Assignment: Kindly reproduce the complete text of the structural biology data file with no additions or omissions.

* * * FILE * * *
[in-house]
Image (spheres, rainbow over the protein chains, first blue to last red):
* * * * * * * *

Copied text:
[in-house]
Image (spheres, rainbow over the protein chains, first blue to last red):